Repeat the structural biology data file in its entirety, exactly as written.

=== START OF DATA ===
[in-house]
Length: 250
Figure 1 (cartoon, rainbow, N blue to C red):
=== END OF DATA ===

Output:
[in-house]
Length: 250
Figure 1 (cartoon, rainbow, N blue to C red):